When shopping for a high quality tube guitar amplifier, one of the potential decision points along the way is whether to purchase an amplifier with a tube or solid state rectifier. What does all this mean, and does it matter?
Vacuum tubes are powered by high voltage DC (250 – 500 volts) while the power coming out of the wall in your house is 120 volts AC. To convert AC voltage to DC voltage the AC alternating current is rectified into DC current. Back in the early days of tube amplifiers the only way to rectify voltage was to use a special type of vacuum tube called a rectifier tube. By the early 60′s electronics had advanced to the point that solid state silicon diodes had become an affordable alternative to tube rectifiers. A diode allows current to flow only one direction, and a simple “bridge” of four diodes is a cheap and reliable way to rectify AC into DC.
From a pure cost standpoint, silicon diodes are very attractive to the manufacturer. They are cheap (pennies really) and they rarely fail. They also produce a very “tight” output, and a power supply with a solid state rectifier is very stable and consistent. And it does not generate any heat to speak of.
In comparison, a tube rectifier requires the tube (dollars not pennies), tube socket, additional wiring, and a more complex power transformer with a special tap (output) to power the tube rectifier. There is also more variation in tube performance than diode performance, and in general a tube rectified power supply is “looser” and it’s actual output will vary more in relation to demand.
The “Sound” of Solid State versus Tube
Besides being a cost advantage, solid state rectifiers provide a “stiffer” power supply to the power tubes which results in more headroom with less distortion. The famous Fender Twin Reverb Amp has always used diodes to provide loud clean sound. An 80 watt amp would overwhelm the power handling capacity of a single tube rectifier, and diodes were pretty much the only way to go. Certain Fender Bassman designs used two tube rectifiers in parallel to share the load and provide better headroom and cleaner sound. If this sounds somewhat like a Mesa Boogie “Dual Rectifier” you are absolutely right. For a 100w or 150w head, two or three rectifiers in parallel are the only way to provide tight punchy sound without going solid state. So in general solid state rectifiers are associated with cleaner, tight, punchy sound with good headroom. And they help keep costs down.
Tube rectifiers has certain characteristics that are deeply ingrained into the Mojo of tube amps. When faced with a strong power demand (striking a big chord or picking very hard) the voltage output of the tube will actually “sag” or drop in voltage. This results in a softer note attack and maybe a little clipping or “hair” around the notes. As the note decays, the voltage comes back up and “pushes” the note giving the effect of a slight volume swell and more sustain. When players refer to an amp as “touch sensitive” it is this effect of the rectifier tube sagging and swelling with the notes, and responding directly to the player’s style. Low wattage amplifiers with tube rectifiers have a nice spongy feel, warm sound and soft clipping that many players love. With all the boutique builders furiously cloning Champs and Deluxe’s it’s clear that this type of tone has some hard core followers.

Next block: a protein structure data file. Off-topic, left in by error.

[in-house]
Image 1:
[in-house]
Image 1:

Is Tube the only “true” path to Sonic Bliss?
If you need a lot of volume, clean headroom, or really like a tight low end to your sound, an amp with a tube rectifier may not be your cup of tea. Folks who like metal or hard rock need not apply, although Boogie has made a real name for themselves with the Dual Rectifier. Of course having two rectifiers sort of defeats the purpose, but it’s great marketing. Even if you really like that softer attack and early clipping, you don’t have to have the extra expense and maintenance of a tube rectifier: Just play a smaller amp! If you are playing a 50 watt amp for jamming or in clubs, chances are it’s too big. Even 30 watts may be too much. Big amps were designed prior to pro audio and commercial sound systems. The big 100 watt amps of today are matters of testosterone and showmanship. Nobody needs that back line of amps — OK maybe Yngwie Malmsteen does – it just looks awesome.
I really like the spongy feel of a fairly low powered tube amplifier. A nice 20 watt amp with a 5AR4 rectifier playing through a 12 or a couple 10′s has great feel and character. And it will handle most club gigs with no problems at all. It may lack a little punch, but this type of setup gives the player great control over the texture of the notes. However, after saying all that, my #1 go-to amp has a solid state rectifier. But it’s still only 20 watts (on half power) and the overall sound quality and touch sensitivity is still there because it’s sized right for the task. There is so much to amplifier design, transformer design, and component selection that picking an amplifier on strictly one aspect — it “must” be Class A for example — just does not make a lot of sense.
Early amplifier builders used tube rectifiers because they had too. If affordable silicon diodes existed in 1950, they would have used them instead, and we would have never known the difference. But tube rectifiers have that tribal folklore attached to them, and for some there can be no other way. They can add a lot of character to the sound of an amp, but like many other “must have’s” a tube rectifier is not instant guarantee of goodness. In the end, buying on sound quality and choosing an amplifier that is sized appropriately for your needs is the best strategy.